Out of the Schools and Into the Polls

Lege (and voters) still fighting over how much to cut public schools

Rep. Debbie Riddle, second from left, tells public school advocates that Obamacare is to blame for Texas lawmakers' unwillingness to allot more money to public education.
Rep. Debbie Riddle, second from left, tells public school advocates that "Obamacare" is to blame for Texas lawmakers' unwillingness to allot more money to public education. (Photo by Jana Birchum)

Whatever happens with school finance this session, everyone agrees on one fact: There will be less money per child, and it's too late to add any cash to the pot. So lawmakers are faced with a new conundrum: Which pressure group will hit them hardest in next year's primaries over this year's votes? The potential answer is still very much in doubt. Late Monday, the last-ditch school finance reforms in Senate Bill 1581 died as lawmakers failed to reach a consensus on how to distribute the cuts. Unless a last-minute patch can be added on to SB 1811, the fiscal matters bill, an education special session is a virtual certainty.

Earlier this session, right-wing think tank Americans for Prosperity launched its Red Apple Project to "name and shame" what it saw as profligate districts. Fellow conservative ideologues at Texans for Fiscal Respon­si­bility have a website, Protect the Classroom, hosting a series of videos promoting the idea that Texas public schools are larded with profligate administrators and that anyone who is not a classroom teacher is a drain on school resources. The purpose was to encourage lawmakers to cut education budgets; however, not only the anti-spending lobbyists have been putting the spotlight on legislators. Nonpartisan nonprofit Raise Your Hand Texas raised its public profile by releasing public service announcements featuring actor Tommy Lee Jones and former AT&T CEO Ed Whitacre calling for a meaningful investment in schools. Save Texas Schools is taking a more direct approach. On May 21, 300 protesters gathered in the state Capitol to send a clear message to lawmakers: "The eyes of Texas are upon you, and we will vote you out," they loudly sang in the House lobby.

The response was mixed. Some lawmakers applauded and high-fived the protestors as they walked to the rotunda. Others took a quick left turn out of the House and down the stairs, avoiding the gantlet. It was a similar situation later in the afternoon when the protesters visited district offices: In some, they found a warm reception from staff, while at others they were met by locked doors. While it may be too late to change many minds, event organizer Allen Weeks said, "We made a statement to the education supporters that they are not alone."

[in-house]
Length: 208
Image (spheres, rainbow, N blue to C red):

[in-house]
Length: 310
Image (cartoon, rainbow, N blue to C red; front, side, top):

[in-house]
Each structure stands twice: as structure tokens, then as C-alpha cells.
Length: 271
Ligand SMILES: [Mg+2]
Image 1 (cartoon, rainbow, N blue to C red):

Yet House Public Education Committee Chair Rob Eissler, R-The Woodlands, argues that the per-student cut in school finances simply reflects last November's conservative sweep at the ballot box: "That's the mood of the state. That's the direction of the election." That said, the Legislature is tempering some cuts. When the budget conference committee emerged on Monday afternoon, word spread quickly that they had agreed upon the less-damaging Senate draft. That leaves education roughly $3.8 billion short of maintaining current funding levels, rather than the $8 billion proposed by the House. Eissler defended the cuts, saying, "I know people like to throw around numbers like we don't spend enough, but does spending equal quality?"

For Austin Democratic Rep. Mark Strama, that kind of thinking depends on "an extraordinarily specious logical leap that 'Maybe if we cut spending, then test scores will start going up.' That obviously doesn't make any sense."

The big question will be whether school investment is a real priority to voters, and Save Texas Schools may have the numbers on its side. A recent statewide survey by the University of Texas at Austin and the Texas Tribune shows that only 15% of respondents back any cuts to public education spending. Breaking down the numbers, the highest level of support was for cutting the provision for pre-K, and even that could muster only 40% support. Even with those numbers, the final budget is expected to cancel funding for full-day pre-K through Early Start grants, leaving parents with only the less useful half-day provision. Similarly, many educational assistance and early graduation grants are under the axe, while both House and Senate zeroed out the technology allotment intended to help districts with their computer needs. Austin Rep. Donna Howard argued that all runs counter to last session's commitment to making every graduate college- or career-ready. "Whatever movement we having been making [will] suffer a setback," the House Higher Education Committee member said.

All that's really left to argue is how to spend what little funding will be put into the Foundation Schools Program. That is a change from the interim, when major budget figures like Senate Finance Committee Chair Steve Ogden, R-Bryan, talked publicly about the need for sweeping school finance reform. Strama praised Ogden for being "very intellectually honest about the structural deficit" created by the Lege in 2006. "The problem seems to be that he is a very lonely voice in the Republican caucus," he added. However, Save Texas Schools plans to make sure he is not so lonely next session. The group is already organizing a statewide convention for July and is discussing both backing pro-education candidates and recruiting primary challengers. Weeks said the May 21 demonstration "made that first initial statement that, 'You may think it's over, but it's just begun.' The next election cycle had begun."

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